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Learning how the world works

From the September 1989 issue of The Christian Science Journal

Religious reformers have usually been convinced the ways of the world weren't right. From the Old Testament's Jeremiah to the eighteenth century's Jonathan Edwards to some of today's spiritually discerning clergy, they have told people—usually outspokenly—to forsake worldly ways and adopt spiritual and moral values.

Honesty in business dealings, fidelity in marriage, nonaggression toward others. Most of us want to go along with these basic virtues, at least in theory. But when it comes to real-life situations we may feel it is turning out to be much harder—and more complex—than we thought. Our choices don't usually come wrapped in simple, black or white packaging.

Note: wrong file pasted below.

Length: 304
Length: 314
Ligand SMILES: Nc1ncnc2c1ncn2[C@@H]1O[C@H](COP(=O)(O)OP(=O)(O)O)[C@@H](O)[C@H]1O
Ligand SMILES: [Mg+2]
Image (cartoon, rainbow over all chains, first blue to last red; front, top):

Isn't it old-fashioned, overly simplified, outmoded, for example, to be thinking of things like selflessness and honesty and love as having more than minor significance in comparison, say, with knowledgeability, drive, self-assertion, astuteness in politically reading a situation? Isn't a certain amount of "bearing false witness" and intimidation a fair expression of force of character?

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